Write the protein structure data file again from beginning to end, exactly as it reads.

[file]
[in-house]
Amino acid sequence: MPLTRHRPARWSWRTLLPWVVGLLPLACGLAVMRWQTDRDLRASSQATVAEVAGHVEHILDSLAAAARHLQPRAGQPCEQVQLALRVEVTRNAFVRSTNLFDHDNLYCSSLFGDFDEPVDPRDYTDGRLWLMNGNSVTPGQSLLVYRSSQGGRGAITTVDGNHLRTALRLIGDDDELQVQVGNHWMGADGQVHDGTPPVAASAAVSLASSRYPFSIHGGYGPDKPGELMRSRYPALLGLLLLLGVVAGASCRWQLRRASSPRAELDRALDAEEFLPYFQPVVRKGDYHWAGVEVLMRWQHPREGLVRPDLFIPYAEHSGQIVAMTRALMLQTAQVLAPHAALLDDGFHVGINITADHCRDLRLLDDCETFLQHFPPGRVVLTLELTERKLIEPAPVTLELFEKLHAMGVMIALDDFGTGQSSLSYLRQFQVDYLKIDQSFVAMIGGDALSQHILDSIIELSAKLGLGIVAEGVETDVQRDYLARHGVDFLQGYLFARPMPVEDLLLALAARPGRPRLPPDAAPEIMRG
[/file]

[in-house]
Amino acid sequence: MPLTRHRPARWSWRTLLPWVVGLLPLACGLAVMRWQTDRDLRASSQATVAEVAGHVEHILDSLAAAARHLQPRAGQPCEQVQLALRVEVTRNAFVRSTNLFDHDNLYCSSLFGDFDEPVDPRDYTDGRLWLMNGNSVTPGQSLLVYRSSQGGRGAITTVDGNHLRTALRLIGDDDELQVQVGNHWMGADGQVHDGTPPVAASAAVSLASSRYPFSIHGGYGPDKPGELMRSRYPALLGLLLLLGVVAGASCRWQLRRASSPRAELDRALDAEEFLPYFQPVVRKGDYHWAGVEVLMRWQHPREGLVRPDLFIPYAEHSGQIVAMTRALMLQTAQVLAPHAALLDDGFHVGINITADHCRDLRLLDDCETFLQHFPPGRVVLTLELTERKLIEPAPVTLELFEKLHAMGVMIALDDFGTGQSSLSYLRQFQVDYLKIDQSFVAMIGGDALSQHILDSIIELSAKLGLGIVAEGVETDVQRDYLARHGVDFLQGYLFARPMPVEDLLLALAARPGRPRLPPDAAPEIMRG